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View Full Version : Putting a big net on the ISS and flying into it



Sum0
2009-Nov-17, 04:25 PM
Wow. It's been a long time since I last posted here (six years or so!).

A little thought experiment that's been nagging at me:

Say I drape a big net between two parallel trusses on the ISS (or indeed, any object in Earth orbit) - it's made of a sufficiently strong material to stop anything that flies into it. I get in my sub-orbital spaceship on Earth and fly straight upwards, so that my apogee intersects with the ISS. When I hit apogee, I fly straight into my specially-constructed net, and quick as a flash a robotic arm clamps on to my spaceship and docks me to the station.

What happens then? Have I just "cheated" my sub-orbital flight into an orbital one?

I suspect that what happens is that when I crash into the ISS the ISS also crashes into me, and my lack of orbital velocity slows the ISS down to the point where it falls out of orbit, but I'm not entirely sure.

slang
2009-Nov-17, 04:27 PM
Welcome back :)

You could also end up as a set of metal french fries, falling back to Earth.

Argos
2009-Nov-17, 04:30 PM
I suspect that what happens is that when I crash into the ISS the ISS also crashes into me, and my lack of orbital velocity slows the ISS down to the point where it

Is shredded to pieces.

Sum0
2009-Nov-17, 04:35 PM
I'm rapidly coming to think that this is technically infeasible for many reasons :D but assume my spaceship (and the ISS) are extremely resilient. Or at the very top of my flight, an insanely powerful magnet sticks me to the ISS as it silently whooshes past. Or I have an arrestor hook/cable arrangement, like on aircraft carriers. What then?

slang
2009-Nov-17, 04:42 PM
Hmm... to start with, a huge spin imparted to ISS, I would guess.

Amber Robot
2009-Nov-17, 04:45 PM
If your rocket does not have the same velocity in the direction of the orbit of ISS then you'll have a collision. If we look at a simplified version of the situation it might go like this: imagine the ISS is orbiting at the equator and you launch your rocket from the equator straight up. The ISS orbits about every 90 minutes, so there's about 16 orbits per day. Your rocket will have some velocity along the same direction because of the spin of the Earth, but that's only once per day, so the ISS velocity in the direction of its orbit will be 16 times as fast as your rocket's. The wikipedia page says that the ISS orbital velocity is around 17000 mph. If your rocket is then at about 1000 mph or so, then the collision happens at a relative velocity of 16000 mph. So, what do *you* think happens when two spaceships colllide at 16000 mph?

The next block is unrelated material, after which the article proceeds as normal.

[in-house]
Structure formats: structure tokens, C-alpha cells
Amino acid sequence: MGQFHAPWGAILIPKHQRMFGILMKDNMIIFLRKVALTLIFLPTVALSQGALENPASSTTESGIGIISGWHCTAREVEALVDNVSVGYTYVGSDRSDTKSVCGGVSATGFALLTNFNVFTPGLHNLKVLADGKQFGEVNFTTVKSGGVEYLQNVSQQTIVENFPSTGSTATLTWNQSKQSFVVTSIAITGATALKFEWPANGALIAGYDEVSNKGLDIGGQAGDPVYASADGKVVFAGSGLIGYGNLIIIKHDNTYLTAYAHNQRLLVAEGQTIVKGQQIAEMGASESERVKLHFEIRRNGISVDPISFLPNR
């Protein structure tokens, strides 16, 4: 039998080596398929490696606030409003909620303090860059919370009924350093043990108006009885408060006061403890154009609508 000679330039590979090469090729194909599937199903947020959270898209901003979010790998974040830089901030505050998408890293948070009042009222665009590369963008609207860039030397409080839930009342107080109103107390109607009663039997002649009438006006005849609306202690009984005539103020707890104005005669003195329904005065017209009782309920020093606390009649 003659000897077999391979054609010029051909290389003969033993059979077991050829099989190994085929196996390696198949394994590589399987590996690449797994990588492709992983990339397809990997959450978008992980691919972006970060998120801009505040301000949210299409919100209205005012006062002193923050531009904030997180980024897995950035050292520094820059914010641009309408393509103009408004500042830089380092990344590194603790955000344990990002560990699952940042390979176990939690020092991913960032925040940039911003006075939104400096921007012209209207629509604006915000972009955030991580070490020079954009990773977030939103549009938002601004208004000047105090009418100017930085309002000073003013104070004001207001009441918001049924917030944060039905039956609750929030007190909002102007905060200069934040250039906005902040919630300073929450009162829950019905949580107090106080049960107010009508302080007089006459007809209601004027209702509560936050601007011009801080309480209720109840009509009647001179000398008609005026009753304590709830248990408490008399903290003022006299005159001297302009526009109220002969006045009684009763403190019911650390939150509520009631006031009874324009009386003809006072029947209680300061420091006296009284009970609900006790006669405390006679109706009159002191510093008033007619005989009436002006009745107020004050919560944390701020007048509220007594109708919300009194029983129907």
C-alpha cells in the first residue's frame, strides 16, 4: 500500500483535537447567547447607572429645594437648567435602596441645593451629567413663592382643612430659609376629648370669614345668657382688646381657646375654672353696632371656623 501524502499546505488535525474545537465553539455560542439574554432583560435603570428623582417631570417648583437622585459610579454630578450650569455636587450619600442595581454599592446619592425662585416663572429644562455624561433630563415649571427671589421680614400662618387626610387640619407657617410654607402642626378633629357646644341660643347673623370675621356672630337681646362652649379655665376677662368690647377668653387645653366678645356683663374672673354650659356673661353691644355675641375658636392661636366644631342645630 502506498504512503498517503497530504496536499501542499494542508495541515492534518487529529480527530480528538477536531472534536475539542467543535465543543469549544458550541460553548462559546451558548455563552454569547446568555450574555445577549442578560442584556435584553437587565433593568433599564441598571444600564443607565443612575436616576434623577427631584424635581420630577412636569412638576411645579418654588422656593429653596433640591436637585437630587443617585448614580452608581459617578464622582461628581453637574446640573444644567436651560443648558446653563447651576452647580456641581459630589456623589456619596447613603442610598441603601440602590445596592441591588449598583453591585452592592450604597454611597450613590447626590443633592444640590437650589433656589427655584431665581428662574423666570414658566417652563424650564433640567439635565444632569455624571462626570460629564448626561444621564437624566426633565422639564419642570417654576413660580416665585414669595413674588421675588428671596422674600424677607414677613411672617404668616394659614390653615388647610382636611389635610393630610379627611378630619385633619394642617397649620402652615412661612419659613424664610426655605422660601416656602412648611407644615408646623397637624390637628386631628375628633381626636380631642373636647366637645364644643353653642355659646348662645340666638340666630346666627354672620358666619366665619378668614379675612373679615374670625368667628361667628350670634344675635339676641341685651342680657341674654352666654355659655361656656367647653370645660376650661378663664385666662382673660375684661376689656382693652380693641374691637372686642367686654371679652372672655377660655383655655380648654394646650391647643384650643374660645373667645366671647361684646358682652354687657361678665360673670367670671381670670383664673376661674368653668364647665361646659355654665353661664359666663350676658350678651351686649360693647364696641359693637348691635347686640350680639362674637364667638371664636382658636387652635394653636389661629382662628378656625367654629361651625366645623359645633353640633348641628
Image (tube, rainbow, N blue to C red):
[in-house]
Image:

slang
2009-Nov-17, 04:52 PM
So, what do *you* think happens when two spaceships colllide at 16000 mph?

Seriously? Something (http://www.universetoday.com/2009/02/11/two-satellites-collide-in-earth-orbit/) like this (http://www.universetoday.com/2009/02/14/how-and-why-did-two-satellites-collide-this-week/), or even this (http://www.universetoday.com/2008/02/20/us-cruiser-strikes-dead-spy-satellite/).

jogleby
2009-Nov-17, 04:56 PM
If your rocket does not have the same velocity in the direction of the orbit of ISS then you'll have a collision. If we look at a simplified version of the situation it might go like this: imagine the ISS is orbiting at the equator and you launch your rocket from the equator straight up. The ISS orbits about every 90 minutes, so there's about 16 orbits per day. Your rocket will have some velocity along the same direction because of the spin of the Earth, but that's only once per day, so the ISS velocity in the direction of its orbit will be 16 times as fast as your rocket's. The wikipedia page says that the ISS orbital velocity is around 17000 mph. If your rocket is then at about 1000 mph or so, then the collision happens at a relative velocity of 16000 mph. So, what do *you* think happens when two spaceships colllide at 16000 mph?